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New York and the human face


Before the daffodills bloom I want to quickly post a few pictures from our trip to New York.

The day was notable for the Jeff Wall exhibit at MoMA which Libby told you about but also for a few other things, like running into a couple of large Chuck Close prints at Max Lang Gallery (in a show that also includes works by Franz Gertsch).

Chuck Close
Chuck Close, Alex, Reduction Print, detail

There is no arguing with Close’s power as a portraitist. Here, Alex Katz never looked so difficult, tetchy, serpentine, and compelling. And Lyle (photographer Lyle Ashton Harris I believe) makes your heart melt–his open face, liquid eyes, earnest almost child-like engagement with you are such that you want to have a conversation immediately.

Chuck Close
Chuck Close, Lyle

Ruud Van Empel at Stux

Ruud Van Empel venus-2
Venus #2 2006
118,9 x 84,1 cm
46.81 x 33.11 inches

Unlike Close’s portraits which have the feel of the interaction between sitter and artist and are all about human interaction and humanity, Dutch artist Ruud Van Empel‘s works are concept-driven. While they have the format of portraiture they are too generic to be portraits. Instead the chill works seem all about corruption, trickery and the seduction of the mediated image. Van Empel’s children, placed in Edenic scenes and sometimes dressed in Sunday-go-to-church finery, are representatives of an idea of perfection. But the level of faux is ratcheted up so high that you begin to wonder if the children are Adam, Eve — or the snake. Are we being corrupted by them? We are surely meant to be seduced.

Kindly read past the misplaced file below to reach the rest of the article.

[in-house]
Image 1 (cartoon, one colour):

ralph lauren children

The most obvious point of comparison is with Ralph Lauren‘s current campaign for his children’s clothing line. Lauren’s blonde-haired children are as impossibly perfect as Van Empels. In both worlds, the level of false comfort, seduction and luxe is ludicrous and unbelievable.

Speaking of luxe, Loretta Lux is another obvious comparison. While her children start out as individuals, Lux too is making icons of generic types.

In all three cases, the work is eye candy, some of it powerfully sweet, some of it tart as a Jolly Rancher.

Tony Oursler at Lehman Maupin

Tony Oursler
Tony Oursler. Red, Love Hurts. aluminum, acrylic, LDC screen, DVD player

This was a disappointing show. Oursler is best as a provocateur and these works are pleasant but not provocative. The format is part of the problem. The bright-colored splat pushes them dangerously close to Nickelodeon’s goo factor but it’s also an art reference(paint splat). Neither connection works for Oursler whose usual m.o. is angst-driven gothic ambiance. The other problem is the lack of audio something the artist uses to good effect in other works, with words that are interior monologs or free-floating rants. These works probably would look great on any wall in anybody’s house. And that’s fine. But encountering a Tony Oursler show without the usual Oursler punch was like seeing a master take a walk in the park–not so memorable.

The shows mentioned above closed recently.